Difficulty navigating the bathroom plagues anyone with balance, strength, or mobility problems. Whether you currently have a mobility concern or simply want to age in place, an accessibility-oriented bathroom remodel can make life much easier for you. Here are a few things to think about when considering upgrading your bathroom to suit your needs:
Figure Out Finances
A bathroom remodel is a great investment, but statistics from Fixr indicate it can also be a fairly pricey one. Make sure you have the budget to support your project before you get started. Do some research to get a sense of what the remodel you’re looking for typically costs in your region. Always assume your remodel will be on the pricier end of any ranges – best-case scenario, you’ll be pleasantly surprised.
If you don’t already have the money set aside for the remodel, one option is to apply for a PennyMac refinance. You can secure a refinance which replaces your mortgage with a larger one and gives you the difference in cash. It’s a great option for those who need fast financing to support house upgrades, and you can even apply for enough to pay off credit cards at higher interest rates.
Evaluate Your Needs
Think critically about what kind of bathroom upgrades you need. Can you safely step over a tub wall or is a curbless shower more practical? What about when the floor is wet, would it make sense to have non-slip tiles installed? Do you need a space to sit down while taking a shower? What about your showerhead, do you need one that’s movable and within easy reach? Examine your options and ask yourself, honestly, whether those features would make life easier for you.
It’s important to look toward the future as well. If you have a degenerative disability, you should consider what kind of accessibility needs you’ll have down the road. After all, ideally, you’ll only need to remodel your space once. Getting it right the first time will make your transitions in the future easier, both physically and emotionally.
Find Trusted Contractors
When it comes to an accessibility remodel, U.S.News notes trustworthy contractors are vital. Older people and those with disabilities are frequent targets for scam artists and shoddy workmanship. Make sure you avoid this by doing your due diligence when it comes to hiring your workers.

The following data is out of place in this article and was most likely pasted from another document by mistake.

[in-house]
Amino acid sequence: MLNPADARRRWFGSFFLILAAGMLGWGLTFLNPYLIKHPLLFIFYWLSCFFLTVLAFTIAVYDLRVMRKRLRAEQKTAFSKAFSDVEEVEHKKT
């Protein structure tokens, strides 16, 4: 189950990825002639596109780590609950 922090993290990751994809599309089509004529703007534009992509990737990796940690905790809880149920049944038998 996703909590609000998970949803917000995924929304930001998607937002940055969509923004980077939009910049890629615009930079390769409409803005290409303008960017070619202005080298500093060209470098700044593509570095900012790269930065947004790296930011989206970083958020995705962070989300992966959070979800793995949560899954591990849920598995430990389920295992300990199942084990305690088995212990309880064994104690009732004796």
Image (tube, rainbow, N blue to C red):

One way to make sure your contractors are familiar with accessibility renovations is to get a recommendation from your local disability services. These resources can point you toward someone with a proven reputation and experience doing the work you need. Having a contractor who knows how to work with people with disabilities will ensure your comfort and confidence in the remodeling process.
Balance Home Value Where Possible
An accessibility remodel is often a vital step for safely navigating one’s home, but unfortunately, it can sometimes lower the value of the property. There are several ways you can work around this and reduce the impact of the upgrade on your home’s market worth.
For example, if you have multiple bathrooms, consider only altering one. Keeping a traditional tub and shower in one of the rooms can make your house more appealing to potential buyers down the road.
If you only have one bathroom, look into making the upgrades as aesthetically pleasing as possible. Ultimately, however, your safety and comfort are more important than sales value down the line. Prioritize that above all else.
Have A Backup Bathroom
Last but not least, make sure you have a plan for how you’ll use the bathroom and shower while the remodel is happening. If you have a second bathroom, this may be fairly straightforward. If you don’t, however, it may make sense to live with friends or family while the bathroom is being upgraded, or you might need to establish an alternative arrangement at home.
Once your bathroom remodel is done, you’ll be pleased to find you have an easier and safer time managing in your home. Making your house accessible is a massive life improvement, whether for your current circumstances or your future ones. Enjoy your home knowing it’s made with you in mind.
Written by Hazel Bridges